Also, the performances of the ensemble this film are a hodgepodge of wonderfully engaging and effective to plain off base. Again, Wasikowska is a decent Alice, and dreamy Johnny Depp offers an interestingly daft if unoffensive take of the Mad Hatter, infusing him with the titular madness but also rendering him endearing. The strictly voice performances were well cast. Yet, supporting turns by some of the other actors were almost too strange to be palatable. Hathaway's White Queen was a bit of a mess, playing an energetic fairy-like creature with the gusto of a psychiatric patient, an odd performance choice, even if her environment invites such oddness. Carter's Red Queen proved to be another boring caricature in a long line of caricatures that she portrays in many of her long-time boyfriend's films, and her Knave of Hearts, as played by Crispin Glover (George McFly, y'all) offered all of the necessary creepiness without any of that annoying chemistry or charisma that people like Depp bring to the proceedings. The character with the most depth and most engaging portrayal would probably be the Mad Hatter, even if the story is not ultimately his.

As messy and unfocused as this picture tends to be, however, Alice in Wonderland manages to effectively tickle the imagination and engage the viewer. I've actually watched it twice now because it achieves that viewer connection, even if the viewer might be scratching his or her head while watching the film. Also, Avril Lavigne's song contribution to the film is quite lovely, even haunting: Avril Lavigne's Alice. It's unfortunate that the song is not played until the closing credits roll.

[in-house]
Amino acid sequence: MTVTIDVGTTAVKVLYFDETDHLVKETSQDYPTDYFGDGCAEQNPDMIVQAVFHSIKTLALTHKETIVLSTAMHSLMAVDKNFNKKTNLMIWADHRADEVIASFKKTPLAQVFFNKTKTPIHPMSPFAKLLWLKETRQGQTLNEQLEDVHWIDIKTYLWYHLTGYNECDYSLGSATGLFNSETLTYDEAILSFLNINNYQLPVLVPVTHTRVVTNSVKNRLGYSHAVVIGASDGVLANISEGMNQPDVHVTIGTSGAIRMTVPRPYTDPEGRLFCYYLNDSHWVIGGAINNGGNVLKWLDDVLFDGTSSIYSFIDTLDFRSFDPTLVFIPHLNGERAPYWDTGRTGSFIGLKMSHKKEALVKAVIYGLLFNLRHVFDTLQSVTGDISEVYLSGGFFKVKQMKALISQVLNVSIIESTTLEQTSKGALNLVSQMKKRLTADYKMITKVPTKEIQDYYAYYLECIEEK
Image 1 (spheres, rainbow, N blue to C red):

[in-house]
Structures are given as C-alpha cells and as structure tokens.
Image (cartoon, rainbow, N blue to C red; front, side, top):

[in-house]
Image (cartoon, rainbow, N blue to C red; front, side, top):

In the end, Alice in Wonderland may not be the best version of the young heroine's journey into the strange and unknown, but it's not the worst, either. If nothing else, the film presents a positive message for young women and features dreamy Johnny Depp (even if his storied good looks are camouflaged by layers of makeup), whose partnership with Burton is nothing short of a well-oiled acting/directing machine. After consideration, I think Alice in Wonderland is a quintessential 7 on the patented ratings scale for being shaky but entertaining. Still, I think it passes the test. Like I said, I watched it a second time, as it was instantly available on Netflix, and it holds up well on a repeat viewing, as long as one does not focus upon the film's less excellent qualities; certainly, the truly excellent and wonderful qualities are what render Alice in Wonderland worth the watch.